Judy Gould is the single parent of three children, with only one of compulsory school age. Her family was brought to an inquiry, even though she tried to cooperate with the board. Her Family Benefits were suspended because she was homeschooling and the school board requested an inquiry. She brought a legal advisor with her to the inquiry and the Ministry objected to his presence. This is unfair to anyone undergoing any type of legal process. Although Judy brought an abundance of supporting information, the Ministry refused to consider it, saying "it wouldn't be necessary."

For over six months, there was no word about the results of the inquiry then Judy received a phone call from the board saying that her children were ordered back to school. She had not received any written notice of the inquiry's decision. She had not received any copy of the written order of the Provincial School Attendance Counsellor as required in the Education Act, Section 24 (2). She has not complied with this order and no further action has been taken against her. Judy continues to homeschool, but she has had to endure unnecessary stress and hardship as a result of the actions of the Ministry and the board. It is important to observe that even though Judy has not complied with the order, the school board has declined to charge her with causing her daughter not to attend school. From this decision it would appear that the Ministry is using the inquiry process to fish for an irresponsible family it can use as a test case to establish a court judgment and case law precedent to support its draconian unofficial policies, and possibly to establish judicial/public support for changes to the law. This fishing expedition constitutes a witch hunt that calls up images of past centuries' religious persecution of dissenters from the state church. Home-based education is dissent from the sacred cow of state-run public education.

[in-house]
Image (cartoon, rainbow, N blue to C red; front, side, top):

Kim Gale is another single mother who has been unduly harassed by the school board and the Ministry of Education. Kim's daughter has severe anaphylactic reactions and as a result, attending school became impossible. The initial problem was transportation. The school refused to provide transportation for this student. Most days Kim was able to accompany her daughter to school. However, since Kim is in a wheelchair, there were many days when it was impossible for her to do so. Snow was a major obstacle for Kim, making it impossible for her to maneuver her wheelchair. During ongoing discussions with the school board about transportation, she was told to put chains on her wheelchair and get her daughter to school herself.

On one occasion, her daughter had to walk to school alone and along the way she had a severe reaction rendering her unconscious. She didn't make it to school that day and was found lying in the middle of the road. After this, Kim decided to pay for taxis to take her daughter to and from school, costing her roughly $200 every two months. As a single mother on disability benefits with two children, this is certainly a cost that is not easy to bear.